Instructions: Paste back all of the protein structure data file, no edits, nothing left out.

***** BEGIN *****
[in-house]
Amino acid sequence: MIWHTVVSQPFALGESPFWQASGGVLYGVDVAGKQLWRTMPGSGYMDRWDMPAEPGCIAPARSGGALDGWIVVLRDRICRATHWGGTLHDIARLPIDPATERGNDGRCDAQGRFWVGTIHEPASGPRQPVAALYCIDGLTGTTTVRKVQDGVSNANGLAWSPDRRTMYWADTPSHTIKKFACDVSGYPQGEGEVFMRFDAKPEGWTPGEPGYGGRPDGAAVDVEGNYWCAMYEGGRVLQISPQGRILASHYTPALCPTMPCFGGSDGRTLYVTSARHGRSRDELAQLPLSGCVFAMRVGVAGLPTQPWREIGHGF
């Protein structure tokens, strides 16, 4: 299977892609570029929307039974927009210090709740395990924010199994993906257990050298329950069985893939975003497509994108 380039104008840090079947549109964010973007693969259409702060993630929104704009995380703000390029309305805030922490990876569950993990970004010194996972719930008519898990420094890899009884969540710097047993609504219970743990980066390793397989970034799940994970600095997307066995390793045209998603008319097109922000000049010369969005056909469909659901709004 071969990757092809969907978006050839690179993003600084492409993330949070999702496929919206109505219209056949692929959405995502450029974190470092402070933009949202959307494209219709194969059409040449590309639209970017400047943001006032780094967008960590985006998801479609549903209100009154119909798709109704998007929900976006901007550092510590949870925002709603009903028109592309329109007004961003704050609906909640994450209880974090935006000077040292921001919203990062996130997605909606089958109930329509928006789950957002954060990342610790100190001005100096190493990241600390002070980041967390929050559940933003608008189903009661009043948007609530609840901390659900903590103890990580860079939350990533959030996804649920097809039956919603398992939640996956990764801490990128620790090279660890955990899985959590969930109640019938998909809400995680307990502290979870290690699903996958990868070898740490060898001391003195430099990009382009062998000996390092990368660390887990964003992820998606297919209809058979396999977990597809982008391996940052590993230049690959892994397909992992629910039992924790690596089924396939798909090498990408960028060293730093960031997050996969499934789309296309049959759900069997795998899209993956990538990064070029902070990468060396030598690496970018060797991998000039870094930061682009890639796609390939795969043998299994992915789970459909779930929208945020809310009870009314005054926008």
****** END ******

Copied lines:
[in-house]
Amino acid sequence: MIWHTVVSQPFALGESPFWQASGGVLYGVDVAGKQLWRTMPGSGYMDRWDMPAEPGCIAPARSGGALDGWIVVLRDRICRATHWGGTLHDIARLPIDPATERGNDGRCDAQGRFWVGTIHEPASGPRQPVAALYCIDGLTGTTTVRKVQDGVSNANGLAWSPDRRTMYWADTPSHTIKKFACDVSGYPQGEGEVFMRFDAKPEGWTPGEPGYGGRPDGAAVDVEGNYWCAMYEGGRVLQISPQGRILASHYTPALCPTMPCFGGSDGRTLYVTSARHGRSRDELAQLPLSGCVFAMRVGVAGLPTQPWREIGHGF
């Protein structure tokens, strides 16, 4: 299977892609570029929307039974927009210090709740395990924010199994993906257990050298329950069985893939975003497509994108 380039104008840090079947549109964010973007693969259409702060993630929104704009995380703000390029309305805030922490990876569950993990970004010194996972719930008519898990420094890899009884969540710097047993609504219970743990980066390793397989970034799940994970600095997307066995390793045209998603008319097109922000000049010369969005056909469909659901709004 071969990757092809969907978006050839690179993003600084492409993330949070999702496929919206109505219209056949692929959405995502450029974190470092402070933009949202959307494209219709194969059409040449590309639209970017400047943001006032780094967008960590985006998801479609549903209100009154119909798709109704998007929900976006901007550092510590949870925002709603009903028109592309329109007004961003704050609906909640994450209880974090935006000077040292921001919203990062996130997605909606089958109930329509928006789950957002954060990342610790100190001005100096190493990241600390002070980041967390929050559940933003608008189903009661009043948007609530609840901390659900903590103890990580860079939350990533959030996804649920097809039956919603398992939640996956990764801490990128620790090279660890955990899985959590969930109640019938998909809400995680307990502290979870290690699903996958990868070898740490060898001391003195430099990009382009062998000996390092990368660390887990964003992820998606297919209809058979396999977990597809982008391996940052590993230049690959892994397909992992629910039992924790690596089924396939798909090498990408960028060293730093960031997050996969499934789309296309049959759900069997795998899209993956990538990064070029902070990468060396030598690496970018060797991998000039870094930061682009890639796609390939795969043998299994992915789970459909779930929208945020809310009870009314005054926008």